Friday, March 09, 2007

Mrs. Amy Jacques Garvey (1896-1973): Pan-Africanist In Her Own Right

Amy Jacques Garvey


Amy Jacques Garvey, wife of Marcus Garvey, did not derive her legitimacy from the status of her husband. She was a leading Pan-Africanist and Black Nationalist in her own right. Standing by her man through thick and thin, always advancing the cause of black liberation, she played influential roles in the movement as journalist, feminist and race activist.

Born in Jamaica, she moved to the USA in 1917 where she encountered the charismatic Marcus Garvey, who was the driving force for the movement instilling race pride and seeking race redemption for people of African descent. The United Negro Improvement Association (UNIA) galvanized and energized Black people from Harlem, USA, to Capetown, South Africa. At this time, Marcus Garvey was in his glory. and after 1922, when he married Amy Jacques, they both personified the movement.

In 1919, she became the Secretary General of the UNIA, a post she held for over half a century proselytizing and propagating Garvey's philosophy of black consciousness, self-help and economic independence. From 1924 to 1927, she was the associate editor of the UNIA's newspaper, The Negro World, where she advanced her feminist/nationalist ideas with the inauguration of a new page entitled "Our Women and What They Think."

Like Yaa Asantewaa, she chided the men to assert their manhood or else the women would have to pick up the struggle. She warned that " ... Negroes everywhere must be independent, God being our guide. Mr. Black man, watch your step! Ethiopia's queens will reign again, and her Amazons protect her shores and people. Strengthen your shaking knees, and move forward, or we will displace you and lead on to victory and glory."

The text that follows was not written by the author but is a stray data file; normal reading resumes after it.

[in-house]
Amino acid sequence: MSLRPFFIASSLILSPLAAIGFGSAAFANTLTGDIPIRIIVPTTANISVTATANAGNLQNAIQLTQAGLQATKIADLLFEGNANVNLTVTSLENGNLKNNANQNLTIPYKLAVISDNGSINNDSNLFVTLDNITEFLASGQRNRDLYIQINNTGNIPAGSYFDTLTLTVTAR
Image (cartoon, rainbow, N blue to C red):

While her husband was in prison on charges of mail fraud in connection with Black Star Line (his shipping line), she acted as his personal representative, rallying to his defense, making speeches to the branches of the UNIA and lobbying for his release. In order to raise funds for his defense, she published two volumes of Philosophy and Opinions of Marcus Garvey, a collection of his speeches and writings.

After his release from the Atlanta Federal Penitentiary, he was taken to New Orleans and deported from the USA, never to return. She returned to Jamaica with him and they subsequently toured England, France and Germany, all the while continuing her writing as contributing editor of The Negro World. When Garvey moved to England, she remained in Jamaica with their one-year -old and four-year-old sons.

After Garvey's death in 1940, she continued the struggle for Black Nationalism, becoming contributing editor to The African, a journal published in Harlem in the 1940s, and founding the African Study Circle of the World in Jamaica toward the end of the decade. In 1944, she wrote her outstanding piece, "A Memorandum Correlative of Africa, West Indies and the Americas", which she sent to representatives of the UN pressing them to adopt an African Freedom Charter. In 1963, she published her own book, Garvey and Garveyism, and later published two collections of essays, Black Power in America and The Impact of Garvey in Africa and Jamaica.

On July 25, 1973, Amy Jacques Garvey died as she lived, active in the struggle for black empowerment and liberation.


Daughters of Africa: An International Anthology of Words and Writings by Women of African Descent: From the Ancient Egyptian to the Present, Margaret Busby (ed.), Ballantine Books, 1992.

Garvey: Africa, Europe, the Americas, Rupert Lewis and Maureen Warner-Lewis (eds.), Africa World Press, 1994.

Garvey and Garveyism, Amy Jacques Garvey, Collier Books, 1970.

The Philosophy and Opinions of Marcus Garvey, compiled by Amy Jacques Garvey, Frank Cass, 1967.

Race First: The Ideological and Organizational Struggles of Marcus Garvey and the Universal Negro Improvement Association, Tony Martin, Majority Press, 1996.

The Veiled Garvey: The Life and Times of Amy Jacques Garvey, Ula Yvette Taylor, University of North Carolina Press, 2002.

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